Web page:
In the wake of the breach of the Nova Kakhovka dam last week and the call for assistance by the Ukrainian authorities, the EU is now mobilising its strategic reserves from the rescEU shelter capacities by deploying three mobile water treatment stations to help the local authorities produce potable water for the affected people.
Each water treatment station can produce 120,000 litres of clean water per day and is thus helping to solve one of the most urgent needs in the area – access to drinking water.
16 European countries – Austria, Belgium, Bulgaria, Czechia, Denmark, Estonia, Finland, France, Germany, Latvia, Lithuania, the Netherlands, Norway, Poland, Spain, and Sweden – have now offered assistance via the EU Civil Protection Mechanism, delivering water tankers, water pumps, boats, rescue equipment, generators, and other in-kind life-saving assistance to the affected areas.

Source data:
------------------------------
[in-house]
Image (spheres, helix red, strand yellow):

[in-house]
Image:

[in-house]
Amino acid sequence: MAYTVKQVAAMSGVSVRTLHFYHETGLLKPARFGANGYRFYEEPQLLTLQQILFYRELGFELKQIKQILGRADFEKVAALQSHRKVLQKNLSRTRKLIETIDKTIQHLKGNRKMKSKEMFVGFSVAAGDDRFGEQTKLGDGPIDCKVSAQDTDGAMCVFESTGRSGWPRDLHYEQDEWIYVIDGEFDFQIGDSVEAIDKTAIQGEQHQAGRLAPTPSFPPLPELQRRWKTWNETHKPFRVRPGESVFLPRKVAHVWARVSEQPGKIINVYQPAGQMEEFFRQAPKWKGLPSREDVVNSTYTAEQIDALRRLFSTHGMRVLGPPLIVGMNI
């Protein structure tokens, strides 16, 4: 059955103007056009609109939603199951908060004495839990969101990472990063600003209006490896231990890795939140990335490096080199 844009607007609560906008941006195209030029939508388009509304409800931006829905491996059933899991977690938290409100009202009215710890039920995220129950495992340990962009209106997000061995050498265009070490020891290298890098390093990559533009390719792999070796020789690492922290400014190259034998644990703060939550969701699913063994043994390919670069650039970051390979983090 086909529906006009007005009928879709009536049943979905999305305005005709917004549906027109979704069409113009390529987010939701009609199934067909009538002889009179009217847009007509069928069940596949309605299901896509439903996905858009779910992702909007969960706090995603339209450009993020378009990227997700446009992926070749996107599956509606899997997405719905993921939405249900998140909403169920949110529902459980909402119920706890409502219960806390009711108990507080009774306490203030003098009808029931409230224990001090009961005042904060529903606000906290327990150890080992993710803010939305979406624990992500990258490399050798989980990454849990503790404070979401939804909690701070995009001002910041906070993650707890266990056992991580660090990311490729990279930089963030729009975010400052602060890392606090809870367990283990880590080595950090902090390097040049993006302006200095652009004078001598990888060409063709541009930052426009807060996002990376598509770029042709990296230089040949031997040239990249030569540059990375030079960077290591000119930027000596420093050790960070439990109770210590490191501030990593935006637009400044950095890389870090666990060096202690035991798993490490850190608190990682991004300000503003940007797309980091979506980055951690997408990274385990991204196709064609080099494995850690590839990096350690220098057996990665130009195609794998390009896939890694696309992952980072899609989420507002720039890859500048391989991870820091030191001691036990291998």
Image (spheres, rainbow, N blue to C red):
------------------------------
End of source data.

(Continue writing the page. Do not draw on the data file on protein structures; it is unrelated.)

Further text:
The EU's humanitarian partners in Ukraine have re-directed their ongoing response to provide life-saving assistance to the affected populations, including drinking water, ready-to-eat food, cash assistance and the distribution of shelter equipment.
To further support humanitarian operations on the ground, the EU has also mobilised an additional €500,000 to address the immediate needs resulting from the destruction of the Kakhovka dam. This comes on top of the €200 million in humanitarian aid already allocated in 2023 for Ukraine.
- Publication date
- 14 June 2023
- Directorate-General for European Civil Protection and Humanitarian Aid Operations (ECHO)